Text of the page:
In the earliest days of Kiwanis history, altruism defeated commercialism as the organization’s purpose. Still, club rosters often were built of community business leaders. And aspiring community business leaders. Advertisers saw potential profits within this target group and purchased plenty of pages in Kiwanis magazine to lure readers with promises of personal achievement. Such as:
Learn law in your home.
Impress your boss by mastering the French language.
Trim your waistline.
Increase your brain power with “Scientific Mind Training.”
Boost productivity with the Rotospeed duplicator
Remington’s quiet typewriter
The “perfect writing instrument,” the Inkograph (for just US$1.50).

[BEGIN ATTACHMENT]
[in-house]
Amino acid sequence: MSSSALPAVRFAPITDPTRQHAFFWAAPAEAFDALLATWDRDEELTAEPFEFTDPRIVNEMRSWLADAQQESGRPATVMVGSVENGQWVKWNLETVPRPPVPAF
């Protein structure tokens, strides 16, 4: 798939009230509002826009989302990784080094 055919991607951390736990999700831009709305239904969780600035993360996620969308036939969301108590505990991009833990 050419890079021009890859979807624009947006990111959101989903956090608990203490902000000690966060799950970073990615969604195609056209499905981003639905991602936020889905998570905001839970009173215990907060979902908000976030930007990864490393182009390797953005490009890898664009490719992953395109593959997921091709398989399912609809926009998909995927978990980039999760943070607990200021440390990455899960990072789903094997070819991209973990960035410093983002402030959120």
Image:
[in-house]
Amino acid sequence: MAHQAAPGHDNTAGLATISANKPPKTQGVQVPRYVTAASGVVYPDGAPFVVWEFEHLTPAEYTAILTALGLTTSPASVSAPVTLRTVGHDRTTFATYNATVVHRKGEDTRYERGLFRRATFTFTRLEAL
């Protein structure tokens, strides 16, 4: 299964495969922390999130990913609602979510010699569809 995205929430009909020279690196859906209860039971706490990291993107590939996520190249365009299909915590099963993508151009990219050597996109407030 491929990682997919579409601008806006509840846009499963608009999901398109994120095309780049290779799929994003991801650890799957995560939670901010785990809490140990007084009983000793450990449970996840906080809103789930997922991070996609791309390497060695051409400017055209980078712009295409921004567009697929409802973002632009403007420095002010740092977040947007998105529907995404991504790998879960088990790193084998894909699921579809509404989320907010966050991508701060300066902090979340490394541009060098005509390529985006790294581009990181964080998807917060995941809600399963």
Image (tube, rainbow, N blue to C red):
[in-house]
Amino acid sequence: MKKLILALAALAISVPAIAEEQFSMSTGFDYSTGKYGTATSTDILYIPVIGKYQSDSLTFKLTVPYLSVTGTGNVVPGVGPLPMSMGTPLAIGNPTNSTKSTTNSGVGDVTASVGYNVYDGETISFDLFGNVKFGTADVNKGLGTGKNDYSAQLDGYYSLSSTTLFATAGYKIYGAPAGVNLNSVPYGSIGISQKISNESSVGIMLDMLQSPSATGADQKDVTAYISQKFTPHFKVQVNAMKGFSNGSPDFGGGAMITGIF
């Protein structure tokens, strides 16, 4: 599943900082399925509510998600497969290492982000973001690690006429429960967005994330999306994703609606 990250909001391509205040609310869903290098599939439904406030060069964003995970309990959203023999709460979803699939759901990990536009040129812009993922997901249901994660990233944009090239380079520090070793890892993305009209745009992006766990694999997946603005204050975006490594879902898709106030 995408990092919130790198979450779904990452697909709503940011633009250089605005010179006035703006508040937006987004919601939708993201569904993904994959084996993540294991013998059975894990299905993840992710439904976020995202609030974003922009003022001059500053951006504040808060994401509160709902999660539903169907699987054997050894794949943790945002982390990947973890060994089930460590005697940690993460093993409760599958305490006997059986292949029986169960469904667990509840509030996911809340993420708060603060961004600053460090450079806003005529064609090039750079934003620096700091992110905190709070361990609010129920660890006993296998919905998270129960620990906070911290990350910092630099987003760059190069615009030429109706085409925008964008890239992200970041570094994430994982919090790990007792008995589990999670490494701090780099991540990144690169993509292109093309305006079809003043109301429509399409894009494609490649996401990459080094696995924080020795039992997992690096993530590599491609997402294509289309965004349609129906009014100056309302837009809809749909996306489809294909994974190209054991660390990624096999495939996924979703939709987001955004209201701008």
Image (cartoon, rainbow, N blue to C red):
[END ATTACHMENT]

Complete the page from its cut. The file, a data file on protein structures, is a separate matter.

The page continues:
Among the most prominent ads during the 1920s and ’30s were those that addressed humankind’s most common phobia: public speaking. Catch lines portrayed the shame of bumbling mumblers:
A man recalls a party where guests-filled the room with lively conversation while he sat in a corner encased in a block of ice. “I turned to ice when I tried to talk,” he recalls. “But now I can sway an audience of thousands!”
“Now I understand why we never have anything. It was your big chance and you never opened your mouth.”
Other promotions were a bit more positive: “They snickered when I got up to speak, but from the first word, I held them spellbound.”
We hoped you enjoyed these advertisements from the early years of Kiwanis magazine.